While there are several risks facing the U.S. economy and the construction sector in 2023, the most pressing concern is the ongoing battle over raising the debt ceiling, which could have significant repercussions for government spending and overall economic stability.
In the second quarter edition of the Construction Market Forecasting Service (CMFS) released in May 2023, it was assumed that the U.S. economy would barely avoid recession in 2023 thanks to the strength in the labor market and the debt ceiling would be raised before the X date (the date at which the government could no longer pay its bills), which as of writing is projected to be in early June.
Under this scenario, construction starts would muddle through 2023, rising 2% from the previous year. Private markets (residential, office, hotel, warehouse, etc.) would feel pressure while public markets (infrastructure, education, healthcare) would offset the negativity. Manufacturing, and the inclusion of the CHIPs and Inflation Reduction Act (IRA) monies, have transitioned this sector into a quasi-public sector (for the short-term at least), and as such it will also lend support to the industry in 2023.
But what if the debt ceiling assumption didn’t pan out and the U.S. breached?
Moody’s Analytics recently published two debt ceiling breach scenarios:
Short Breach: The debt limit is breached in early June, but Congress resolves the crisis a week after the breach. The U.S. enters a brief recession.
Prolonged Breach: The debt limit is breached in early June and lawmakers don’t solve the issue until the end of July. This deals a blow to the U.S. economy and triggers a deeper recession.
The Dodge Construction Network Economics Group ran these two alternative scenarios through our econometric construction starts models to get a sense of how construction starts would react.
Under the short breach scenario, total construction starts would go from climbing 2% in 2023 to falling 3%, and barely expanding in 2024. In many ways, this scenario is fairly similar to the baseline, albeit with greater amplitude for the individual verticals. Residential and commercial (retail, warehouse, office, hotel) starts would fall into deeper holes in 2023 and remain negative in 2024. Since the breach is short, public markets will continue to be supported by funds from IIJA, CHIPs, and IRA although the second and third quarters of 2023 would see weakness.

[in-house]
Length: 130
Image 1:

The much more somber scenario is the prolonged breach. Under this scenario, construction starts would fall 14% in 2023 (compared to +2% in the baseline) and fall a further 9% in 2024. In many ways, this is akin to the impact of the financial crisis on starts in the 2007-2009 period.
Much like the financial crisis, all verticals – even those buoyed by IIJA, CHIPs, and IRA – would suffer in 2023 and 2024. From peak to trough, total construction starts would lose roughly 30%. This is more “mild” relative to the 40% peak-to-trough decline in 2007-2009 as it is assumed that IIJA, CHIPs, and IRA funds would begin to slowly flow back into the market in Q4 of 2023.
While the comparison to the Great Recession is convenient, this is where it ends. Unlike the 2007-2009 period, there are no significant systemic issues facing the economy – there are no asset bubbles, banks are well capitalized etc. Inflation is a problem, but the Fed is slowly winning the battle. This will translate into a healthy recovery in construction starts by late 2024 in the prolonged breach scenario and early 2024 in the short breach scenario.
While these two scenarios seem unlikely to occur, it is safe to assume that brinksmanship in Washington will take raising the debt ceiling down to the wire. Considering that, it would seem prudent to hope for the best, but prepare for the worst.